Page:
Explaining Chris Bassitt’s Struggles
On May 18, Max Scherzer removed himself from his start, and he would be placed on the IL. Combined with injuries to Jacob deGrom and Tylor Megill, this made Chris Bassitt the de facto ace of this New York Mets pitching staff. He has been anything but that.
Since May 18, Bassitt is 0-1 with a 6.35 ERA and a 6.40 FIP. Opposing batters are hitting .261/.327/.544 against him. He has seen his strikeouts go from 9.8 per nine to 8.7 while his walks went from 2.5 per nine to 3.6.
The loss to the San Diego Padres was a new low from Bassitt. He was knocked out of the game after allowing seven runs (six earned) over 3 1/3 innings. After the game, Bassitt said, “I’m beyond embarrassed. It’s something that literally I’ve never gone through. To say it’s frustrating would be a big-time understatement.”
Looking at Bassitt, he doesn’t appear injured. Per Baseball Savant, he has had fairly consistent velocity on his fastball. The spin on his pitches, which was never outstanding, remains the same. Looking at it that way, it is hard to ascertain why he is struggling. Digging deeper, you see some of the issues Bassitt is having.
One big problem for Bassitt right now is left-handed batters. So far, this season, left-handed batters are hitting .246/.333/.483 off of Bassitt with a .363 wOBA. In contrast, right-handed batters only hitting .206/.266/.321 with a .271 wOBA.
Case in point, look at the game against the Padres. Jurickson Profar, Jake Cronenworth, Nomar Mazara, Trent Grisham, and Sergio Alcantara combined to go 4-for-8 with a double, 4 RBI, two walks, and three strikeouts. He was knocked out of the game when Cronenworth hit his RBI double. He was knocked out of the game by the Padres’ left-handed batters.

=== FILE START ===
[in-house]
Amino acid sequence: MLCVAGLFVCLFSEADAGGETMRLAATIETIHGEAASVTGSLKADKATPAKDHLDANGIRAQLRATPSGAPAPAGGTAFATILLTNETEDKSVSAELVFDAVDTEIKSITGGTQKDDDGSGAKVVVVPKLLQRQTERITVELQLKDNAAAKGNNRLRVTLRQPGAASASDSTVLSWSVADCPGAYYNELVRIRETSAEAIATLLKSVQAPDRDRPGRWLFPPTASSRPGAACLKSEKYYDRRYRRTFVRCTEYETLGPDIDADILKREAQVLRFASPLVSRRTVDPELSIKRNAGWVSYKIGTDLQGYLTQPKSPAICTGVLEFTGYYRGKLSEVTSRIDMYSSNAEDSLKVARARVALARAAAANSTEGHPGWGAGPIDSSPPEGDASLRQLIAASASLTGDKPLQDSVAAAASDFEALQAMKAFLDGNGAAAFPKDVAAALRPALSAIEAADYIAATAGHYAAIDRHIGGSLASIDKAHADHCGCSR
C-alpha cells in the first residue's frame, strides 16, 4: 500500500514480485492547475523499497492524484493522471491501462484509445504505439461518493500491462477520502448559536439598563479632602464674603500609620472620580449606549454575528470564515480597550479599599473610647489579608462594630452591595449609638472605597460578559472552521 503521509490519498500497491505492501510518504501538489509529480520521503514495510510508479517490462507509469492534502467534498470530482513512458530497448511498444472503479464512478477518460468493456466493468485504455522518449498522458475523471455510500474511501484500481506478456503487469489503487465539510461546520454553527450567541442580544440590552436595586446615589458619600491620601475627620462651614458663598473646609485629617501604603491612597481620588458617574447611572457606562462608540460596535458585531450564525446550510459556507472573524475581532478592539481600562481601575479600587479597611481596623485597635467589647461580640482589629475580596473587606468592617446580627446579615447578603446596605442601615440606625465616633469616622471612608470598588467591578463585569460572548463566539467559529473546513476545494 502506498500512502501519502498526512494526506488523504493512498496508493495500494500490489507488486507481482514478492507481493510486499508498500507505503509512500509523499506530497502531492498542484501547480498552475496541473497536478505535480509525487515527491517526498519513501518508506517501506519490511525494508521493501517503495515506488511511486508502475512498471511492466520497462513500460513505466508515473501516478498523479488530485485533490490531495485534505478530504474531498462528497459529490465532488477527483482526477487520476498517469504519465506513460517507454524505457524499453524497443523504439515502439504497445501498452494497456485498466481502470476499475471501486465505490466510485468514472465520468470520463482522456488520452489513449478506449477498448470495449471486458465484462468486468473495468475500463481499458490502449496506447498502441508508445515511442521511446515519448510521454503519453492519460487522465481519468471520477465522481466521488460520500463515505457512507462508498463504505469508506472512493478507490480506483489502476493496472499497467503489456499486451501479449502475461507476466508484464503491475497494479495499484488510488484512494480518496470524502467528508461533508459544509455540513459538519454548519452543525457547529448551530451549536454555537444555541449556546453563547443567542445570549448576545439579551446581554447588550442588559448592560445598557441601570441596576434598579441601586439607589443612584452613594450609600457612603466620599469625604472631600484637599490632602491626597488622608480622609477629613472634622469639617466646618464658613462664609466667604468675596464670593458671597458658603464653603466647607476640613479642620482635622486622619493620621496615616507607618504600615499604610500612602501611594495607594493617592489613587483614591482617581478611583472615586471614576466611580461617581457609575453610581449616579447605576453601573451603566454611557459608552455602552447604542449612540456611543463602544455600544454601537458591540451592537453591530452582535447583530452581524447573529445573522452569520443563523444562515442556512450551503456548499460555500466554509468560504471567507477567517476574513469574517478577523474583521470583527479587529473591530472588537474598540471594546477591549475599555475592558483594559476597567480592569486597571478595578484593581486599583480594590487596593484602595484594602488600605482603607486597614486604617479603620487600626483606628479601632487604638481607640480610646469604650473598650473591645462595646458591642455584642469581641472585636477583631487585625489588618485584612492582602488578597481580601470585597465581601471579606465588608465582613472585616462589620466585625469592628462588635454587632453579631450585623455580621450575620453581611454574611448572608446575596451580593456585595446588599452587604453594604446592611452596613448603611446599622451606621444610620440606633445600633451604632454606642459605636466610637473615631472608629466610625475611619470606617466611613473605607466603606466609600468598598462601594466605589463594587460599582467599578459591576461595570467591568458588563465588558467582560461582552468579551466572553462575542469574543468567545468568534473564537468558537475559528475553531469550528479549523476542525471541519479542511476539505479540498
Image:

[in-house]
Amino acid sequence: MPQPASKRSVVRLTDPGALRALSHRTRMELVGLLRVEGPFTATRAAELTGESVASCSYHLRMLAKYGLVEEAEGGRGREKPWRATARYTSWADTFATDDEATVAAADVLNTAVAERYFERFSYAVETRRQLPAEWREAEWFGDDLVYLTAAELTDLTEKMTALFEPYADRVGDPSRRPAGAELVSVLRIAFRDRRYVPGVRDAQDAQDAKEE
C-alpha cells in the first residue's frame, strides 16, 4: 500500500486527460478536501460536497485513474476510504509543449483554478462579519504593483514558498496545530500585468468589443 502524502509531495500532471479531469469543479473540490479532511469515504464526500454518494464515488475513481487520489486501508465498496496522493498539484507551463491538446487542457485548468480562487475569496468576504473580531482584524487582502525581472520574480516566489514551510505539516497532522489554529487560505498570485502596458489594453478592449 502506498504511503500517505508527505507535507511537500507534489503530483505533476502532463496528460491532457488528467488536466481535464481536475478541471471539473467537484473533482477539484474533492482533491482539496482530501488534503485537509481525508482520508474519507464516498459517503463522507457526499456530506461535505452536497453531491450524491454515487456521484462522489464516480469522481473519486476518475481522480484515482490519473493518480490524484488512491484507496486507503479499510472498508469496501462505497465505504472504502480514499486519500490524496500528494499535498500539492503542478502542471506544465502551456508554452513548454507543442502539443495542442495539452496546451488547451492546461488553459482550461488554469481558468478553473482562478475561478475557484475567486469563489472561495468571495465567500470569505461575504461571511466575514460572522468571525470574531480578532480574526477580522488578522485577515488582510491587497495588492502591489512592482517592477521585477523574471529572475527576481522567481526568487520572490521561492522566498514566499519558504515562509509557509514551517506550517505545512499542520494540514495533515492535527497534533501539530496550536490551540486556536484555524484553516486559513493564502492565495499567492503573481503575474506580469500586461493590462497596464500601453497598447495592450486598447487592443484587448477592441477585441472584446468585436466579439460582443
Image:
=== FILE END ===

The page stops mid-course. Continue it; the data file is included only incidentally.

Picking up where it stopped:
Now, it should be noted this is a fairly recent phenomenon. He started the season off well against left-handed batters, and Bassitt has been fairly platoon neutral over his career. To wit, before Scherzer hit the IL, left-handed batters only had a .273 wOBA against Bassitt. This begs the question as to what exactly has happened to Bassitt.
Well, the biggest change might’ve been the loss of James McCann. There is the caveat of each of these being small sample sizes, but here is how Bassitt has fared with each catcher behind the plate:
- James McCann 2.61 ERA, .193/.265/.303
- Tomas Nido 6.45 ERA, .281/.330/.583
- Patrick Mazeika 1.54 ERA, .175/.313/.200
Again, this is a very small sample size, but it is important to note that Bassitt is a very difficult pitcher for a catcher to call. He is a pitcher who throws six different pitches. With his velocity and spin, he mostly gets batters out by changing eye levels, living on the shadow zone, and pitch sequencing. This is where he strived with McCann and to a certain extent Mazeika.
Notably, in Bassitt’s first start with Mazeika, they were very clearly not on the same page. Mazeika took some ownership for that saying, “There might be three or four right pitches for him for that situation. Trying to figure out what he wants to do is always a unique challenge.” Indeed, Bassitt is an extraordinarily difficult pitcher to learn and get on the same page with on the fly.
Notably, Nido has struggled with framing the high strike this season, which puts Bassitt in a difficult spot. Also, he is not framing those inside pitches against left-handed batters well. This has Bassitt throwing more pitches and having to come in the zone more. With Bassitt having to throw his fastball/sinker more in the zone against left-handed batters it has become much more hittable.
Overall, there is nothing wrong with Bassitt per se, at least not health-wise. This is more trying to get back on the drawing board and work with Jeremy Hefner and his catchers on how to better attack left-handed batters. Once they get back on the same page, we should once against see the Bassitt we saw over the first month-and-a-half of the season and the pitcher the Mets were eager to acquire from the Oakland Athletics.
Editor’s Note: This was first published on MMO.